In the Transmontana region, to the north and south of
Guarda, are the IPR areas of Castelo Rodrigo, Covo de Beira
and Pinhel. They produce various types of wine that tend to be
light, sparkling and acidic. A well-known sparkling wine label from this
region is Raposeira that is popular as an inexpensive lower level
substitute for champagne. Regional labels are Abadia Velha, Aliança
Classico, Campolargo, Casa da Saima, Da Pipa, Encostas do Bussaco, Entre
Serras, Ensaios FP, Filipa & Luís Pata, Galeria, Gonçalo Velho, João
Pato, Luís Pato, Mateus, Quinta dos Cozinheiros, Quinta da Dona, Quinta
da Foz do Arouce, Sete Fontes, Terra Franca, Topázio, Vinha Formal, Vinha
do Lomedo and Vinha Pan.
Castelo Rodrigo (IPR)
This area is mainly economically reliant upon its cultivation of vineyards.
Grapes were grown in the Roman period but it was not until the 12th Century
when the production was expanded by the Cistercian monks that it became a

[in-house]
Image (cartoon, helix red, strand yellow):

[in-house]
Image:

wine growing centre. The climate is harsh in winter with dry hot summers
and the area covers the municipalities of Almeida and Figueira de Castelo
Rodrigo. The red wine is elegant and ruby in colour, whilst the white is
dry and fruity. The labels to try are DAguiar and Quinta do
Cova da Beira (IPR)
Typically of the whole region this area has dry hot summers and cold
winters. The area covers the municipalities of Belmonte, Castelo Branco,
Covilhã, Fundão, Manteigas, Penamacor, Sabugal, Guarda, Vila Velha de Rodão
and Idanha-a-Nova. The red wine produced can be divided into two distinct
areas, with the Covilhã region producing lighter and less alcohol wines,
and the rest producing more full-bodied wines with ageing capabilities.
There is only one label that is Cova Juliana.
Typical of the region the winters are cold and harsh whilst the summers are
dry and hot. The area covers the municipalities of Celorico da Beira, Guarda,
Meda, Pinhel and Trancoso. The red wine is light and soft with little tannin.
The white wine is fresh, with fruity aromas and flavours.